“There’s a reason Trump lies about his crowd sizes, because crowds demonstrate support, momentum and enthusiasm,” said Jon Summers, a former top aide to Senate Democratic Leader Harry ReidHarry Mason ReidHarry Reid says he’s cancer free White House gets jolt from strong jobs report Murkowski, Mattis criticism ratchets up pressure on GOP over Trump MORE (Nev.) who is unaligned in the presidential contest. “When you go on a talk show, you get a little b-roll and a sound bite, but when you do something in front of a crowd the way she did you create strong visuals that can be used over and over on TV.”

The three leading candidates who entered the race in January will be overshadowed, at least temporarily, as others enter the race with their own splashy moments. Sanders, Sen. Cory BookerCory Anthony BookerRand Paul introduces bill to end no-knock warrants Black lawmakers unveil bill to remove Confederate statues from Capitol Harris grapples with defund the police movement amid veep talk MORE (D-N.J.), former Vice President Joe BidenJoe BidenHillicon Valley: Biden calls on Facebook to change political speech rules | Dems demand hearings after Georgia election chaos | Microsoft stops selling facial recognition tech to police Trump finalizing executive order calling on police to use ‘force with compassion’ The Hill’s Campaign Report: Biden campaign goes on offensive against Facebook MORE, former Rep. Beto O’Rourke (D-Texas) and former New York City Mayor Michael Bloomberg are all in various stages of planning their own campaigns.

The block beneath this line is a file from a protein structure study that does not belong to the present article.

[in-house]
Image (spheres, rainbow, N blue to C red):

In the world of digital fan bases, no one comes close to Sanders, whose insurgent 2016 campaign built a massive following online. Between Twitter, Facebook and Instagram, Sanders has more than 18.5 million followers — about double the reach of the next closest contender, Warren.

Sanders captured the imagination of small-dollar donors when he kicked off his presidential bid in April 2015, almost to the same degree that Harris did this year. His campaign raised $1.5 million in its first day, the same amount Harris’s team said it pulled in. But Harris’s campaign said it raised money from 38,000 donors — more than the 35,000 that Sanders attracted.

“These numbers reveal a campaign powered by the people,” Nellis, Harris’s digital director, said in a statement.